Sunday, March 27, 2005

Get It In Writing

As of this writing, I am a scant two days away from turning 34 years old. If we refuse to deal with exact fractions - I was never any good with those damn things, anyway - that puts me at a little over 1/3 of a century old. As I've refused to get emotional over my age, it remains little more that an abstract curiosity, but I'm chuckling at my teenage self who would have called me "old."

As of this writing, Terri Schiavo is at a little more than a week without her feeding tube. It's highly likely that she will die within the next few days, which will bring the frenzied legal hoopla and protesting to a close. I've refused to get emotional over that, either, (well, sort of), and it remains somewhat dreamlike in its sheer surreality, but I'm dreading the wall of sheer nonsense that's doubtlessly going to follow her passing.

What do these two things have in common? A harsh reminder that we are, as Rush was kind enough to point out, "only immortal for a limited time."

I was 26 in 1997. That's when I was less than one year married, and living in Athens, Ohio. Our plans of where we wanted to be by that point had not worked out, so I was working at Papa John's Pizza, which is about as hand-to-mouth as you get. And while we were focused on the future - trying to get CJ a job in her field, rather than typing checks for some company - our immediate concerns were just staying afloat.

Terri Schiavo was 26 in 1990. That's when she suffered a heart attack that put her into the condition she's in now. She may have had plans and concerns, but they were all taken from her in a single moment. And she's been staring at the ceiling ever since: no more good or bad career moves, no more anything - just someone turning her every so often to avoid bedsores.

I don't think I've put too much thought into what seriously bad things might happen to me. I've always believed, for one reason or another, that I can walk away from any accident, and bounce back from any disease or condition. Worrying about winding up brain dead - or in a "persistent vegetative state," as they call Mrs. Schiavo - is a foreign concept to me, kind of like worrying about waking up as a cockroach, or being kidnapped by hot dogs from outer space.

But it could happen. It could happen to me, it could happen to you. It could happen to anyone you know, whether they're in your family or outside of it, just like it happened to Terri Schiavo.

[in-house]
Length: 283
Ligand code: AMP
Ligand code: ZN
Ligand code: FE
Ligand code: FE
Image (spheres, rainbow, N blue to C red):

Terri probably thought she had the rest of her life to worry about these sorts of things, if she worried about them at all. But that's life for you: never certain, never predictable, and
very happy to take your plans and trample them underfoot like bull-runners at Pamplona.

In many ways, the Schiavo affair is a textbook case of what all could go wrong. If only she'd had the foresight to make out a living will, and take out other assurances, this whole affair of her "living" or dying probably wouldn't even be a byline in the local paper. Her parents might not have been happy about it, and may have brought legal action to try and stop it, but what could they really have done?

So if there's one thing that this mess has taught me - other than the perils of having Randall Terry as your "family spokesman" - it's that it's not enough to just tell
people you want this or that done. Not nearly enough.

They may forget, or might have other ideas.

They might not be sure what you'd want done under a slightly different circumstance.

One family member might disbelieve the one you told, or there could be a falling out once you're not up and around any more.

And, though we hate to say it, greed and apathy might force people to do things you wouldn't want done.

So don't take chances: get it in writing.

Talk it over with the ones you love, make plans for the worst case scenarios, and make sure all the i's are crossed and all the t's dotted... or something like that.

There's a fairly good article about it over at the Washington Post. I'd suggest reading it, and then discussing the matter with your family and/or your spouse.

It will cost time and money, and may have some headaches associated with it. But anything has to be better than the circus of stupidity and self-righteous bickering we've been "treated" to over the last couple weeks.

You, your family and your loved ones deserve peace of mind. You also deserve to be remembered for your life, rather than a nasty court case over your death.

Get it in writing. Do it today.

Sunday, March 20, 2005

Schiavo Case Reveals Skewed Priorities

Denied the chance to drag the woman in front of Congress, via a subpoena, the House is meeting in emergency session to draft legislation designed to get Terri Schiavo's feeding tube back in, and put her case before a Federal court. The Senate is expected to meet and draft a similar bill, and President Bush is cutting short his trip to his Texas Ranch to return to DC and sign whatever comes out of the compromise. And, in theory, this will buy Mrs. Schiavo a few more weeks (months? years?) of a life she's not even aware of, anymore.